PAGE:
This article is intended for information purposes only and does not represent legal or financial guidance. It presents the opinions and interpretations of the AMAC Foundation’s staff, trained and accredited by the National Social Security Association (NSSA). NSSA and the AMAC Foundation and its staff are not affiliated with or endorsed by the Social Security Administration or any other governmental entity. To submit a question, visit our website (amacfoundation.org/programs/social-security-advisory) or email us at [email protected].


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Theresa
3 years ago

I was married for 12 years and have now been divorced for 25+ years and will be 59 this year. As my dad died at 79 and my mom at 84, I do not expect to live past 80ish. Would it be beneficial to take SS using my ex-spouses benefit at 62, then mine at 68?

Rusty
3 years ago
Reply to  Theresa

I’m afraid you do not have that option, Theresa. You cannot file for ex-spouse benefits first and then file for your own later. That’s an option only available to those born before January 2, 1954.

Ronald Frailey Rishel
3 years ago

I’m a little disturbed that Mich McConnell and Trump are going to take cut on my Social Security and Medicare, Medicaid away from us Old Timers. I’ve paid into this my whole life since I was 10 years old and now 73. The Government robbed us of this money now they want to take it away again. I know one thing for sure if they do take this stuff away Trump will not get my Vote on 2020 and all my family and friends will not Vote for Him either here in Michigan. Good bye President Trump, you are no different than the rest of them in DC now.

Steve Gerard
3 years ago

President Trump does not take a salary for his job, who has ever done it before, maybe you lived good the last eight years, but is in South did not, so I will vote for him, four more years.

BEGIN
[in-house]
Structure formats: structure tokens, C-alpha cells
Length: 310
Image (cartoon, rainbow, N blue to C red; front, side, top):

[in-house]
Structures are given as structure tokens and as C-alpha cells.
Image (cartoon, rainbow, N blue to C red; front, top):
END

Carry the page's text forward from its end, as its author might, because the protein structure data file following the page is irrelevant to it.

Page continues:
Doug Jolley
3 years ago

Ronald, not sure where you’re getting your information from, but this president IS NOT cutting Social Security or Medicare benefits. The previous president made huge cuts to Medicare, shifting billions from there to pay for the Affordable Care Act.

We are a nation in crisis – taxes will have to be increased to pay for Medicare and Social Security. I expect to see full retirement pushed from the current 67 to 70 for GenX and younger generations.

Rusty
3 years ago

Ronald, there is no meaningful or serious discussions in D.C. by anyone about cutting benefits for current recipients of Social Security or Medicare. There are discussions about Social Security reform, but current beneficiaries would not be hurt by any of the reforms being discussed. Anything you hear to the contrary is a scare tactic and hyperbole.

Dennis
3 years ago

You are taking in fake news. The only president I’ve ever seen take from either fund was Obama . Of course that is commensurate with his political ideals. If anything, you have a better chance with Trump. He has the economy booming, which allows for more taxes into the SSI…that is happening. However, we really need to see that accelerate at a better pace, and see spending cuts in our government. There is billions and billions wasted every month. I think Trump would love to work on a “real” strategy to “fix” SSI. I tell my children to save, save, save….start young and be persistent, stay out of debt, and you will have a nice retirement. Don’t depend or leave yourself solely dependent on a government option .

Derwood Stacknick
3 years ago

Exactly HOW has President Trump proposed cutting SS? Are you falling for the democratic line that republicans want to cut SS?
I believe you are being misled!